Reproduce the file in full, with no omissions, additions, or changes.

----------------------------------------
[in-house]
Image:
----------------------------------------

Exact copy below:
[in-house]
Image: